People under 25 may find it inconceivable that were was a time when cartoon fans didn’t even know who directed some of Golden Age cartoons that had been on TV screens for years. The credits had been taken off them. The information had to be ferreted out by people like Leonard Maltin (“Of Mice and Magic”), Jerry Beck (“The Warner Brothers Cartoons,” with Will Friedwald) and those many knowledgeable people who wrote for animation magazines (Mark Kausler, Harry McCracken, Paul Etcheverry, Mike Barrier and a host of others). Pretty soon, there was information about animators, background artists, writers, voice actors and others as experts dug and dug; there’s plenty of information that may never be uncovered at this late date.
Little has been said about assistant animators, especially those who were never elevated to the rank of animator (or at least got credit as one). You can even see pictures of some of them on animation web sites but have no idea about their work. Dan Bessie wrote a book and included some tales of his time as an assistant at MGM at the time its cartoon studio closed (he was laid off in late 1956).
Some biographical stuff: Daniel Robert Karpan was born July 1, 1911 in Eddyville, Iowa, the son of John and Katherine U. Karpan. He worked for the Columbia and MGM cartoon studios; the 1940 census doesn’t reveal which studio, but he made $650 in 1939 over a 32-week period. He went to work for Disney in 1944 after serving in the U.S. Navy during World War Two. He assisted on “Peter Pan,” “Alice in Wonderland,” “Sleeping Beauty” and “101 Dalmations.” He was laid off (with “about 450” other Disney employees, he said), then went to work for an ad agency before retiring. Karpan died in Albia, Iowa on June 20, 1986.
Karpan was interviewed by a journalism student, whose resultant story appeared in two Iowa newspapers. This is from the Carroll Daily Times Herald, June 8, 1976.
Cartoonists Put a Little of Themselves into Character
By Kathy Kusa
Drake Journalism Student
ALBIA (IDPA) — Dan Karpan's scrapbook is filled with painstaking pencil sketches from his 23 years as a Hollywood cartoonist, including 16 years with Walt Disney Studios.
"It's a funny thing about cartoonists," said Karpan, 64. "When they draw a character, they put a little of themselves in it. Now you take a tall, skinny fellow, he'll draw a tall, skinny duck."
Karpan still has the first set of drawings, he made commercially and, by riffling the pages, he can make a pair of penguins waddle jerkily across the paper.
But Karpan now discourages requests for his talent. He suffered a stroke in 1960 and he never fully regained his drawing ability.
"For three months I couldn't even write my name," he said. After therapy he regained use of his right leg and arm, but he walks slowly and he said the tips of his fingers tingle all the time.
Karpan, born near Eddyville, said he wanted to be a cartoonist even in high school. "I started drawing on the pages of my books and the teachers used to give me heck for it," he said.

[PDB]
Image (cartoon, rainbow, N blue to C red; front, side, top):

After high school, Karpan worked in a coal mine. "But I hated that work," he said. "I wish I hadn't wasted those five years, because I got a late start in animation. I used to take slate and draw cartoons all over the side of the (coal) car if I had time" — the coal car checkers "knew it came from me — it was the only one coming out that way."
Karpan went to Hollywood "at the height of the depression" and discovered he didn't have enough art training to become a cartoonist, so for three years he attended the Chounaird School of Art in Los Angeles and did odd jobs.
He caddied, bused dishes, sold soft drinks and sharpened razor blades until he was hired by the Charles Mintz Studio (now called Screen Gems — the animation department of Columbia Pictures).
Karpan worked as an animator for the Mintz Studio for several years and then moved to the animation department of Metro-Goldwyn-Mayer Studios.
During World War II, he joined the U.S. navy, where he spent two years working on training films and booklets for a torpedo school.
After a medical discharge in 1944 because of an ulcer, he went to work for Walt Disney Studios.
"I had to kinda start over," he said, "to learn the characters. See, you had to know the characters . . . For about ten years I was what they called a key man — seeing that the ducks remained consistent ... if the duck was tall and skinny, (I'd) have to shorten him."
Karpan stayed with Disney 16 years. He worked on short cartoons as well as feature-length films such as "Peter Pan", "Cindrella" and Alice in Wonderland".
"If you did 32 drawings (about 1 1/2 seconds of actual footage) that was a day's work," he said. The animation for a feature-length film takes a studio three years to complete.
Karpan was never a full-fledged animator; he was an assistant animator. "The animator was just concerned with the action and his first assistant was just concerned with drawings out of the roughs and little changes if the animator was busy.
"An animator works on a board on a glass that the light shines through (so) you can see four or five drawings at one time. We'd flip with our left hand and draw with our right," Karpan said. He compared it to "looking through a lampshade for eight hours."
Karpan retired in 1960. He now lives with his dogs Buddy Boy and Rusty Dusty just outside of Albia.
In 1969 Karpan finished a cartoon mural in the children's room of the Albia public library. The mural includes characters from the comic strip Peanuts as well as many characters Karpan is familiar with from his years in Hollywood.
Karpan said he tries to encourage young artists whenever he can.
His activities are restricted by poor health but Karpan said he still draws "once in a while. If I get in the mood I make little pencil sketches."